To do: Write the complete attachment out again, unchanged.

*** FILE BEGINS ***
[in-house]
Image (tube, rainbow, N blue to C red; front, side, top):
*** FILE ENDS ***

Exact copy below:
[in-house]
Image (tube, rainbow, N blue to C red; front, side, top):